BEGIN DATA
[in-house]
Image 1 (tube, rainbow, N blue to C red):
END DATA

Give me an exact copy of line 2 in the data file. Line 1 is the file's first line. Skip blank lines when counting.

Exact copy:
Image 1 (tube, rainbow, N blue to C red):